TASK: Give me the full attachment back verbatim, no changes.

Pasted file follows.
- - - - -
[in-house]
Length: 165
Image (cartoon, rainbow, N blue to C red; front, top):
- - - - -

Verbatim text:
[in-house]
Length: 165
Image (cartoon, rainbow, N blue to C red; front, top):